Here I’ll note again what an egregious fraud Diamond’s employer was committing back in 2011, when the US News rankings still allowed schools to exclude unemployed graduates who were supposedly not seeking work from a school’s calculation of its graduate employment rate. That year, Santa Clara categorized 55 of its 61 2010 grads who were unemployed nine months after graduation as “not seeking employment.” US News changed its metrics and started counting all unemployed grads as simply unemployed, and suddenly almost all of Santa Clara’s annual multitude of unemployed grads were looking for work after all.
Indeed, barely half (132 of 261) of Santa Clara’s 2014 grads had full-time non-temp employment of any kind, nearly a year after graduation. Such employment would include working 35 hours per week at Starbucks etc.
The 83% of the Santa Clara class that took out federal educational loans during law school took out an average of $136,990 in such loans. This means their actual educational debt at the putative beginning of repayment, six months after graduation, was much higher. That’s because this figure doesn’t include interest accrued during school and origination fees. Those two factors alone push the average debt above $160,000. Nor does it include private loans to cover summer expenses and bar review courses, or undergraduate debt.
Conservatively, the five of every six non-trustifarian grads in Santa Clara’s 2014 class who have educational debt are probably averaging at least $175,000 in such debt, at an average interest rate of around 7%, which means they will have to pay around $1,000 every month simply to cover the accruing interest on those loans, without even touching the principal. This is going to be fairly challenging, given that a third of them don’t have a job, and most of the rest are probably taking home less than $3,000 per month after taxes. (According to this, the average monthly rent for an apartment within ten miles of Santa Clara is $2,738, although you can get a one-bedroom for just $2,356).
In fact Santa Clara’s employment stats are hardly better than those sported by the infamous Thomas J. Cooley School of Law (there should probably be an equivalent to Godwin’s Law for internet threads about law school employment statistics, with Cooley playing the role of youknowwho). While Santa Clara noses out Cooley in regard to the percentage of grads getting legal jobs (35.6% to 30.0% respectively), Cooley’s graduate unemployment rate is actually better, as only 32.6% of the 2014 class was unemployed ten months after graduation, even counting all 62 of the graduates Cooley wasn’t able to track down as unemployed.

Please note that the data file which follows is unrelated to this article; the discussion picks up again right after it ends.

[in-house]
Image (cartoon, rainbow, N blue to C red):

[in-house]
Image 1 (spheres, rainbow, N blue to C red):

In all seriousness, I can’t understand the mentality of someone like Diamond. Is he simply indifferent to the dire situation facing such a large proportion of the students who pay his salary? Is he in some sort of deep denial? Beyond this, how can he fail to understand that, for someone who teaches at a law school like Santa Clara and who wants to protect the status quo, the first rule of law school employment statistics is that you don’t talk about law school employment statistics?
. . . In comments, Unemployed Northeastern points out that Santa Clara’s enrollment has been cratering, despite a significant cut in admissions standards aimed at stemming the tide. Specifically, over the past five years the school’s JD enrollment has gone from 1001 to 643. Diamond, who styles himself a fierce opponent of libertarian economics, nevertheless loves to talk about how “the market” more or less magically “corrects” itself — and here we have an example of how something resembling such a correction can take place, as a consequence of even a tiny bit of transparency regarding employment outcomes. (That transparency, it should be unnecessary to point out, came about as a consequence of concerted political action, not because some abstract “market” made it inevitable that SCU couldn’t keep defrauding potential admits with fake employment stats).
Of course as UNE also notes, a “market” for law school admissions that didn’t feature the federal government loaning nearly $220,000 to literally anyone not currently in default on an educational loan who Santa Clara decides to admit would have far more devastating consequences for SCU’s already-collapsing admissions.